“ Me and them go way back.”
|Ampulla conus traficus
Ampulla conus icedcreamicus
The traffic cone (Ampulla conus traficus) is the adolescent stage of the orange construction barrel, a fruiting plant that has become common in industrialized societies due to unique adaptations that allow it to thrive in the harsh conditions created by urbanization. The proliferation of roads in urban areas creates an inevitable build-up of decaying road material, the orange construction barrel's ideal habitat.
The distinct shape of traffic cones initially led scientists to believe them to be a separate species from the orange construction barrel (Ampulla fabricatio barrelus), but similarities in color and habitat provided the first clues that the two might, indeed, be the same species. This suspicion was confirmed by a series of groundbreaking studies conducted in the early 1990s, where researchers were able to observe, for the first time, the total life cycle of the orange traffic barrel through participant observation. A group of dedicated prison biologists developed an elaborate system of camouflage that allowed them to move freely among orange barrel populations to study their development and interactions with other species. One of these studies also led to the discovery of the diminutive Ampulla conus icedcreamicus, now considered a delicacy in many human societies.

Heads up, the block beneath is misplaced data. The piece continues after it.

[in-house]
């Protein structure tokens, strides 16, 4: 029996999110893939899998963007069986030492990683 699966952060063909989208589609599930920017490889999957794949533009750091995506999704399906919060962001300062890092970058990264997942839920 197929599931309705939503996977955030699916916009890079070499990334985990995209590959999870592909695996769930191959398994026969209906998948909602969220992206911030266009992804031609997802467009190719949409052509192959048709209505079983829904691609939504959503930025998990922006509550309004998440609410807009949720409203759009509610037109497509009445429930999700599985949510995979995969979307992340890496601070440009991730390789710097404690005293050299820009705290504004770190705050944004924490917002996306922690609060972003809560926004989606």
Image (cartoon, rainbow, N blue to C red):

Traffic cones, like most members of the family Naranjeae, are highly territorial. Upon reaching this adolescent stage, the orange barrel sprouts develop their ability to move quickly across roadways without being seen. (Such locomotive abilities, though rare among plants in general, are relatively common among Constructa. Scientists attribute this to the widespread use of LSD.) Traffic cones take advantage of this skill to distance themselves from their parent barrels and develop their independence in societies of likeminded individuals. These "gangs" of traffic cones claim and defend segments of roadway, often resorting to violence. Though there have been documented cases of pedestrian impalement, cone-on-cone violence accounts for the majority of violent crimes and nearly all homicides committed by traffic cones. Cone-on-cone action is a favorite for Coneys, or those who find anthropomorphic images of traffic cones mating in the manner of humans erotically satisfying.
As traffic cones mature, they begin to engage in a process called "stacking", where they huddle together in warmth and safety in preparation for the dormant phase that immediately precedes their sexual maturation. During this phase, the cones gather and consume large amounts of scrap metal, loose change, philosophers, and other reflective items from the surrounding roadways. Traffic cones going through this phase have been known to consume up to 50 lbs of costume jewelry in a single day. They become highly self-conscious about the accompanying weight gain, concealing themselves in closets, warehouses, and other dark places (because everyone knows that black is slimming). In reaction to the darkness of their surroundings, the traffic cone begins to develop the tell-tale light that identifies a mature orange construction barrel. When this light is fully formed on top of the barrel at around lv. 32, it begins blinking, and the transformation from traffic cone to adult is complete.